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DOE Announces Winners of L-Prize Prototype Phase

DOE Announces Winners of L-Prize Prototype Phase

The U.S. Department of Energy (DOE) announced six winners in Phase Two of the DOE Lighting Prize (L-Prize®) competition. The L-Prize is a $12 million lighting competition designed to spur ground-breaking innovation for next-generation lighting in commercial buildings. Winning products will redefine the future of illumination in commercial buildings, demonstrating exceptional energy efficiency, connectivity and control, visual quality, environmental sustainability, and attention to diversity, equity, and inclusion (DEI) in lighting design, manufacturing, and application.

Today’s announcement recognizes the winners of Phase Two, the Prototype Phase. Competitors were invited to submit working prototypes that meet the rigorous L-Prize requirements and exceed the capabilities of currently available products in two categories: Luminaires and Connected Systems.

“Investing in next-generation lighting solutions helps tackle the climate crisis, boosting American supply chains and manufacturing of these technologies, and creating good-paying jobs,” said Mandy Mahoney, Director of the Building Technologies Office at DOE. “The winning prototypes represent ground-breaking innovation, not only in energy efficiency, data-driven connectivity, and environmental sustainability, but also prioritizing communities that get overlooked when we roll out new prototypes. These innovators are leading the way.”

The winners of Phase Two share a prize pool of $2 million and are encouraged to move on to the third and final phase of the L-Prize, the Manufacturing and Installation Phase. Participation in the prior Concept or Prototype Phases is not required to enter the final phase of the L-Prize.

Luminaire Track Winners: 

  • Generation Flex: Light Without Compromise, submitted by Signify Innovation, Bridgewater, NJ ($375,000). Signify developed a modular luminaire with groundbreaking efficacy balanced with excellent color quality and novel optics that offer good light distribution with reduced high angle glare. The highly modular design and lightweight form factor provide flexibility and potential sustainability benefits. The team proposed a DEI pilot supply chain program that favors suppliers with DEI programs.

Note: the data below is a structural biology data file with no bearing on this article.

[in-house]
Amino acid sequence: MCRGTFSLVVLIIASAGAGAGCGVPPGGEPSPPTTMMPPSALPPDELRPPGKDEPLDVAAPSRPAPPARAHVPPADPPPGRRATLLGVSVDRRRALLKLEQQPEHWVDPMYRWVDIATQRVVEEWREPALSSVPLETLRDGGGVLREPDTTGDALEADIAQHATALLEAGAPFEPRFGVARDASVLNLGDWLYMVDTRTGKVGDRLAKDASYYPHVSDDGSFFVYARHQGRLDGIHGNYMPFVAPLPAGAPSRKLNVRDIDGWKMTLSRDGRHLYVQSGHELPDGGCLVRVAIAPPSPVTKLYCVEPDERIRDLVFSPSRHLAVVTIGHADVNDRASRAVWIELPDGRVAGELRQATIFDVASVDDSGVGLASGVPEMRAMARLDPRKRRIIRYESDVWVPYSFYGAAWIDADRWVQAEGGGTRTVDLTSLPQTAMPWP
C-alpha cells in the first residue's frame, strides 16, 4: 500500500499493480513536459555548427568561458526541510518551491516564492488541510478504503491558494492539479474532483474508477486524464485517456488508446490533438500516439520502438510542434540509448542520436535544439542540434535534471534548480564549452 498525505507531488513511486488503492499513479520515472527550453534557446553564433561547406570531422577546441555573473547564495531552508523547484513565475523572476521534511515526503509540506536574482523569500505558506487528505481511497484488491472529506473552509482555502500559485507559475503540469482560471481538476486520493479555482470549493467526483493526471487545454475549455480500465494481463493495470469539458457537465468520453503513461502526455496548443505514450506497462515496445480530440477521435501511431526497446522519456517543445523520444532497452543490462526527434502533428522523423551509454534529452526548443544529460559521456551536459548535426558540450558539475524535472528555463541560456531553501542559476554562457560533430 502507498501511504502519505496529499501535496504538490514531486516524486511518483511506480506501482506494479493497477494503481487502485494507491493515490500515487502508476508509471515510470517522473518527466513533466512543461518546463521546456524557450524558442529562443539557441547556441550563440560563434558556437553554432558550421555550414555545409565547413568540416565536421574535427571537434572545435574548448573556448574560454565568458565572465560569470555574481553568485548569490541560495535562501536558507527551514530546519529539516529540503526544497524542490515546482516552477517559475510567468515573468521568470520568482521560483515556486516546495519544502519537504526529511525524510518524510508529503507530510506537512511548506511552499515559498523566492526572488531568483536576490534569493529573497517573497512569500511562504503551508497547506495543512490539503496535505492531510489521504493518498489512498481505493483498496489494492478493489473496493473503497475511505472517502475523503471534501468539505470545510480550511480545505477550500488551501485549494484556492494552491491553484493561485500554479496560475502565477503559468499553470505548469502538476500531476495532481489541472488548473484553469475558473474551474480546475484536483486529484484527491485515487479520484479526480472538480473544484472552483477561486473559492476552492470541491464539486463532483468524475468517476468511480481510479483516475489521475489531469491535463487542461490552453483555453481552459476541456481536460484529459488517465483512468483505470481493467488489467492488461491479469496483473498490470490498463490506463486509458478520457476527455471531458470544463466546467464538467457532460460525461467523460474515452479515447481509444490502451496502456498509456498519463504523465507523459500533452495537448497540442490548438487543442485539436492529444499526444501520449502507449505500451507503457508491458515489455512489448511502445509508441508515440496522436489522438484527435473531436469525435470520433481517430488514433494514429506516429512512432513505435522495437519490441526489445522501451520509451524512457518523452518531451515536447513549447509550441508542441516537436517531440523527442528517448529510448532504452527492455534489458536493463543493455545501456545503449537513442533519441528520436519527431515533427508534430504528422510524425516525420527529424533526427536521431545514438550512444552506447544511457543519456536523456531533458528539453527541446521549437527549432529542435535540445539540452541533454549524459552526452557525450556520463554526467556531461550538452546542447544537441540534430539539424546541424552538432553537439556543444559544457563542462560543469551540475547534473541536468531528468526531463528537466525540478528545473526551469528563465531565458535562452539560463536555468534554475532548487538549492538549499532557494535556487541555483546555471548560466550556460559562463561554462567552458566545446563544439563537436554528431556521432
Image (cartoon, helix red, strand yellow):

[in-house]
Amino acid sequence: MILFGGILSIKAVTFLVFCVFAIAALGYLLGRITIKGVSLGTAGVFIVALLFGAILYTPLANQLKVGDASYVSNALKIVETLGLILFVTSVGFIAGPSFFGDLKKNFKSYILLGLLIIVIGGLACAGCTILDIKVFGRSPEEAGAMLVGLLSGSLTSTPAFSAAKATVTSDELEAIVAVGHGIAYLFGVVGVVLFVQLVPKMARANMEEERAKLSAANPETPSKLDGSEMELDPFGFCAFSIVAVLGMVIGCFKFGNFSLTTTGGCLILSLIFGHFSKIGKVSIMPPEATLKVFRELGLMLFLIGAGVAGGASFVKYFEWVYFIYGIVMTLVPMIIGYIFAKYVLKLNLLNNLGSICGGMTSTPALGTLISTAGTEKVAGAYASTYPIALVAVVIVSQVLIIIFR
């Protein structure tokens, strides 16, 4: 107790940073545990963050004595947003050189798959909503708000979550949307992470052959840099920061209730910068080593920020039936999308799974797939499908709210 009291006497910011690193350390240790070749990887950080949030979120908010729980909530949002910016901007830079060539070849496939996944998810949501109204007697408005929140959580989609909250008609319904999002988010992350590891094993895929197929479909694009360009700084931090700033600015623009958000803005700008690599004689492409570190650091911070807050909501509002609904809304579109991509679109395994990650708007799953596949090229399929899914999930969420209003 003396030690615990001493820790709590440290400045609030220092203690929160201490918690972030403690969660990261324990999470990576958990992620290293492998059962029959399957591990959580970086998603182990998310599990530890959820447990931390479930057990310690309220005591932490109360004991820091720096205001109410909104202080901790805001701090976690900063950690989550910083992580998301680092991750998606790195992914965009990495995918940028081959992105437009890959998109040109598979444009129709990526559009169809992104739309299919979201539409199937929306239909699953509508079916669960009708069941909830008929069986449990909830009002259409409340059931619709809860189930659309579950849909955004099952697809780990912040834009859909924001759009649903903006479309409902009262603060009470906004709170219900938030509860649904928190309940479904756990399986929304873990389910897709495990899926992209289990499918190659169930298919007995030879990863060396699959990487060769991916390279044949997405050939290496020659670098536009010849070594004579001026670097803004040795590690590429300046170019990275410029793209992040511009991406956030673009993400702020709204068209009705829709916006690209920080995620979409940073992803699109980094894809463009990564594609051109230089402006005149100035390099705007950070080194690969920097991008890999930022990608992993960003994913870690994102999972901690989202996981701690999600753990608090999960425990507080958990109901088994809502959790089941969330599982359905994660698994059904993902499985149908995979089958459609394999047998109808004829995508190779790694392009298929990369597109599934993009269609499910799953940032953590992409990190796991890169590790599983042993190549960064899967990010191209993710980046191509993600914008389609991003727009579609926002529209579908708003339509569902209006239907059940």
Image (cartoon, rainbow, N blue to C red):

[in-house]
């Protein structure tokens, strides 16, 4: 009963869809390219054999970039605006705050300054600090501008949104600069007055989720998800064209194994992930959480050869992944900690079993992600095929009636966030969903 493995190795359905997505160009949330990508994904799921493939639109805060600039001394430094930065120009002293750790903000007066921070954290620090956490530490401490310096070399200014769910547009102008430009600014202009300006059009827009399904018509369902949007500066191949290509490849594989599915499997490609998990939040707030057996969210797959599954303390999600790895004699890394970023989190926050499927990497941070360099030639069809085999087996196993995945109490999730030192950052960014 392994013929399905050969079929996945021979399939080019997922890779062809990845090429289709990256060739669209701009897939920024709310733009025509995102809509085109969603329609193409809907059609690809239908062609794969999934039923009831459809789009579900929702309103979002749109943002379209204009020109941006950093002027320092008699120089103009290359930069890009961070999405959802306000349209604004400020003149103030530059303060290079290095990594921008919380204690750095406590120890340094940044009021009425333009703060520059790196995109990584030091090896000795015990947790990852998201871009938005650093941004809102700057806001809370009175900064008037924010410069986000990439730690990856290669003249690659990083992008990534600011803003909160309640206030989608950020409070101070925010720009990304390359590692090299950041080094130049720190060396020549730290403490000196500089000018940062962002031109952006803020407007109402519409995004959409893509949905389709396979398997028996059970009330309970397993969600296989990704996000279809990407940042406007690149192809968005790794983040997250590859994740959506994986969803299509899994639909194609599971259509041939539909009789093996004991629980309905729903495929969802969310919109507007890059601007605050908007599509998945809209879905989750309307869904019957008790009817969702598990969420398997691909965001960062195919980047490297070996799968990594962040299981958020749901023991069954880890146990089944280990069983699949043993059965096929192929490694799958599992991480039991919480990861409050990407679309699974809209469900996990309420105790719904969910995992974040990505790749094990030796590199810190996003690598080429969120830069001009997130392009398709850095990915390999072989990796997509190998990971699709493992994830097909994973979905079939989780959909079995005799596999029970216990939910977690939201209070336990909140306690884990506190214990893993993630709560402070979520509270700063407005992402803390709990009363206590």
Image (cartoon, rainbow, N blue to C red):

• Low-Carbon Biodegradable Luminaire, submitted by Lightly, Boothwyn, PA ($375,000). Lightly developed a low-carbon, architectural-grade linear luminaire, utilizing locally sourced materials grown in the United States. The high-efficacy luminaire is made of novel, biodegradable materials, using wood, hemp, and wool as alternatives to plastic and metal. The localized production/supply chain uses poplar harvested in the area, and a declare label provides material transparency.
  • Helios HPR-LP160, submitted by Grid Interactive Efficient Building Alliance (GiEBA), San Diego, CA ($250,000). GiEBA developed a high-efficacy architectural-grade 2’x4’ troffer with integral networked communications based on the open-source Google Thread wireless protocol. The troffer collects and stores luminaire data beyond the L-Prize requirements, and the built-in wireless capability allows for a basic sensor to be installed without wireless capabilities. The luminaire is designed for disassembly with modular components and easy-to-follow end-of-life diagrams for disassembly and recycling.